Having established himself as one of the leading still-life painters in France by the early 1730s, Chardin seems to have taken stock of his position and concluded that extending the range of his subject matter might also enlarge the market for his work. Early ambitions now bolstered by a decade of practical experience, Chardin again took up figure painting around 1733, encouraged by friends such as the portrait painter Jacques-André-Joseph Aved (1702-1766), who had chided Chardin that painting the human figure was considerably more challenging than “painting cakes and sausages”. Chardin’s devoted friend, the draftsman and printmaker Charles-Nicolas Cochin (1715-1790), recounted Aved’s friendly rebuke, adding that Chardin was “offended by this, but controlled himself and gave no sign of his feelings. The next day, however, he began a figural painting of a maidservant drawing water from a water urn” (P. Rosenberg, Chardin 1699-1779, cat. exh., Paris, Grand Palais, 1979, p. 199).

At the 1734 Exposition de la Jeunesse, Chardin exhibited sixteen paintings described as “subjects in the taste of Teniers,” an acknowledgement of the influence of the 17th-century Flemish master of genre scenes, David Teniers the Younger (1610-1690), whose small rustic interiors inspired the young French painter. In June 1735, Chardin exhibited “four excellent small paintings” including “little women occupied in their household chores and a young boy amusing himself with cards.” The Mercure de France noted that Chardin’s “sophisticated touch and the great truthfulness everywhere in his art, which is of uncommon intelligence, are widely praised” (P. Rosenberg, 1979, op. cit., p. 199). In the Paris Salon of 1737, the first held since 1725, the artist submitted eight paintings, including the first version of ‘The Water Urn’. That painting is clearly described in the Salon livret (“… une Fille tirant de l’eau à une Fontaine”), and was exhibited with its pendant, ‘The Washerwoman’ (‘une petite Femme s’occupant à savonner’). Two years later, publication of Cochin’s engravings after ‘La Fontaine’ (‘The Water Urn’) and ‘La Blanchisseuse’ (‘The Washerwoman’) were announced in the June 1739 edition of the Mercure de France, described as in the taste of Teniers, seen at the last Salon and engraved after the originals in Mr. Le Chevalier de la Roque’s cabinet.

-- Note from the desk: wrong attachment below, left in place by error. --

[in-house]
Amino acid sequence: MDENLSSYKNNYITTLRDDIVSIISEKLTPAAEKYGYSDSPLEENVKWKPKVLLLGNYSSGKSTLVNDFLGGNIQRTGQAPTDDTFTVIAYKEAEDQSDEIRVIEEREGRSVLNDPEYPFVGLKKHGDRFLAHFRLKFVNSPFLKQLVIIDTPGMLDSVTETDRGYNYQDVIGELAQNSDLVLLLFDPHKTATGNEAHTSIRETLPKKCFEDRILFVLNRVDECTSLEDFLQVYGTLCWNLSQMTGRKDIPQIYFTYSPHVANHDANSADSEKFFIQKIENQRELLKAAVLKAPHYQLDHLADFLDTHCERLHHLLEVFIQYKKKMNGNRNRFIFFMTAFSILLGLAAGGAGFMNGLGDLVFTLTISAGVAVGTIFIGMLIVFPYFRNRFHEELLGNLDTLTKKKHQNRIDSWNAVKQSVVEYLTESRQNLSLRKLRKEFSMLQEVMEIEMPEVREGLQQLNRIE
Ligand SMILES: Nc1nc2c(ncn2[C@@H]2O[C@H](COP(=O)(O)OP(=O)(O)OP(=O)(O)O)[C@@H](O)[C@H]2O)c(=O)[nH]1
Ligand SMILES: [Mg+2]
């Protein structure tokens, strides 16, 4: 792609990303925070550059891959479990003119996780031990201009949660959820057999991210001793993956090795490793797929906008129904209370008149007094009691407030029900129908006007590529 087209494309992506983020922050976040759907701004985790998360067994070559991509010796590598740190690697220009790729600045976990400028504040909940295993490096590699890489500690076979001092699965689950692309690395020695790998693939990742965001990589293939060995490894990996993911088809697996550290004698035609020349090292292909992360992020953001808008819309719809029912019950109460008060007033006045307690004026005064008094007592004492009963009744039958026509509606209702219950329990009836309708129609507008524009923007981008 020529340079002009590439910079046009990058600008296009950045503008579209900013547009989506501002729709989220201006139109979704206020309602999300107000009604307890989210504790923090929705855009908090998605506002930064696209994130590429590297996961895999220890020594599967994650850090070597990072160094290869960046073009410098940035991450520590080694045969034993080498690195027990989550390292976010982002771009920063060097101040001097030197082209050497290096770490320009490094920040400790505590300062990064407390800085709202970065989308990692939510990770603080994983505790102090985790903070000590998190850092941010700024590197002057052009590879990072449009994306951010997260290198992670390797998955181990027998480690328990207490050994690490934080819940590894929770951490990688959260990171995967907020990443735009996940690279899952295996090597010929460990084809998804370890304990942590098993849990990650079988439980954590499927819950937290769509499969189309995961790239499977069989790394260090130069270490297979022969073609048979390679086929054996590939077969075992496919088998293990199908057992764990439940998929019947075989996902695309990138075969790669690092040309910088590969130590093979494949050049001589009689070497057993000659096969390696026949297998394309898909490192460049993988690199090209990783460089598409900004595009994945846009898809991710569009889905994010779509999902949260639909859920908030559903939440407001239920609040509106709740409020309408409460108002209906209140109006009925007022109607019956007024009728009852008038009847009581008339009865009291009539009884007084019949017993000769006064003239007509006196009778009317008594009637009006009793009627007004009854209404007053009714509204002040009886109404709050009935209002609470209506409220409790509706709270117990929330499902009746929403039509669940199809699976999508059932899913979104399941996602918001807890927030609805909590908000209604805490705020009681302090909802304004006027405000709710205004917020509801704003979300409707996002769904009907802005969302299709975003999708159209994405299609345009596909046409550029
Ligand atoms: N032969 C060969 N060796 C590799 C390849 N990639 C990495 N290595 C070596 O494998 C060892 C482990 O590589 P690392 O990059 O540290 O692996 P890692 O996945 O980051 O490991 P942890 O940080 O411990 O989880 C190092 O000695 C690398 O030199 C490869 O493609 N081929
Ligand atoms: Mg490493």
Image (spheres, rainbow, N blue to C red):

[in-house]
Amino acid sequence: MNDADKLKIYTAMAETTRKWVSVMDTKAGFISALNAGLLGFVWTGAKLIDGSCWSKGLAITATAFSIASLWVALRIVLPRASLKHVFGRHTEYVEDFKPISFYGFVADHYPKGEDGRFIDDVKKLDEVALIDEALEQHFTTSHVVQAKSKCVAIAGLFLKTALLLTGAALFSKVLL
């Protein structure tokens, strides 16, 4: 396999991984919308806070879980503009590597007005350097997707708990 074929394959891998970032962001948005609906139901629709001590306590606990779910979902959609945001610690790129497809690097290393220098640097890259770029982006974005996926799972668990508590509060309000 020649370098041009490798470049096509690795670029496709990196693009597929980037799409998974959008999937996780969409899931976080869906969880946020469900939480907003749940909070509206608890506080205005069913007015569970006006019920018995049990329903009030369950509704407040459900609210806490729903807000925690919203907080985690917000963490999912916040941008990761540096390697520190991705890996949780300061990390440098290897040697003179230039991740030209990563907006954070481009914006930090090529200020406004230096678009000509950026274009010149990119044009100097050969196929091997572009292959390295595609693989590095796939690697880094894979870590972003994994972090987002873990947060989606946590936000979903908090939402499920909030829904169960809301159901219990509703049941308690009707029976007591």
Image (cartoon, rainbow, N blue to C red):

This first version of ‘The Water Urn’ and its companion, ‘The Washerwoman’ are today in the Nationalmuseum, Stockholm. Both paintings are signed and ‘The Water Urn’ is also dated; the last digit is slightly obscured but the date is generally understood to be ‘1733’. Their original owner – ‘Mr. Le Chevalier de la Roque’ – was Antoine de La Roque (1682-1744), a military hero, publisher of the Mercure de France, and friend of Antoine Watteau (1684-1721), who painted his portrait (Tokyo Fuji Art Museum). La Roque was also an eminent art collector, whose cabinet was notable for its 17th-century Dutch and Flemish genre scenes, and it is likely that he commissioned the paintings from Chardin with the idea that they would hang harmoniously with his Northern pictures. Curiously, the Stockholm ‘Water Urn’ is executed on panel, while its pendant is on canvas, suggesting that La Roque might have commissioned ‘The Water Urn’ first and, pleased with the result, ordered a companion piece from Chardin after the fact. It would have been La Roque who lent the pair to the exhibitions of 1734 and 1735, and to the Salon of 1737. Following La Roque’s death in 1744, the paintings were purchased at his posthumous sale in 1745 by the dealer Edmé-François Gersaint (1694-1750) on behalf of Crown Prince Adolph Frederick (later king) of Sweden (1710-1771). They have remained in Sweden ever since, transferred from the royal collection in 1865 to the newly founded Nationalmuseum.